Turkey’s main opposition Republican People’s Party (CHP) Chairman Kemal Kılıçdaroğlu has criticised Turkish autocratic President Recep Tayyip Erdoğan for accusing him of slandering businesspeople by repeating allegations that the president’s close circle was sending money to an off-shore company while a New York jury has been deliberating the fate of Mehmet Hakan Atilla, deputy general manager of Turkey’s state-run lender Halkbank, in a sanctions-busting trial since Tuesday.
Atilla, 47, faces decades in federal prison if convicted of conspiracy to evade US sanctions against Iran and conspiracy to commit bank fraud. He and other co-defendants still in Turkey are accused of taking part in an elaborate scheme to secretly move billions in Iranian money through American banks using phantom gold and food sales and shoeboxes full of bribe cash.
“You [Erdoğan] are blaming me saying I am criticizing people who earn a living by doing business. I never criticized. You should first speak about Reza Zarrab,” Kılıçdaroğlu said on Friday, referring to the Iranian-Turkish businessman who recently claimed he bribed ruling Justice and Development Party (AKP) officials in a scheme to evade US sanctions on Iran at a trial in New York.
“Erdoğan never said anything negative about Zarrab,” Kılıçdaroğlu added. “Neither me nor my close circle founded a company in the Isle of Man or Malta to evade taxes in Turkey. Now I want to ask Erdoğan: What kind of commercial links do your relatives have with the company in the Isle of Man?” he said.
His comments came after Erdoğan slammed the CHP leader for accusing his close circle of establishing an off-shore company and funneling money to it in order to avoid taxes. “I said I would resign from politics and my post if what he was saying was true. I also asked him whether he would do the same if his allegations turned out to be fake. It was revealed that the papers he revealed had nothing to do with what he alleged. But he shamelessly continued,” Erdoğan said on Friday and added that “This person is someone who could not make even a cent from his own efforts besides what he earned from the state. He never got involved in commerce nor has he taken a risk or established a company,” he added.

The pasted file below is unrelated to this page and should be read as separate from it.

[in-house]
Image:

Reza Zarrab freely admitted on the stand that he paid $50 million in bribes to a government minister, that he pocketed $150 million in profits and that he even bribed a Manhattan jail guard for access to a cellphone and alcohol. US prosecutors told the jurors that Zarrab’s admissions are evidence that he is telling the truth, as required by his cooperation deal, and that his claim that Atilla helped design the money-laundering plan is believable despite his checkered past.
They has described Atilla, a deputy general manager, as one of the most important executives at Halkbank, tapped to meet with US Treasury Department officials who warned him about sanctions violations. The fact that he never received a penny from Zarrab did not mean he is innocent, they said. The prosecution of Atilla has enraged Erdoğan, who was also implicated in the sanctions-busting by Zarrab.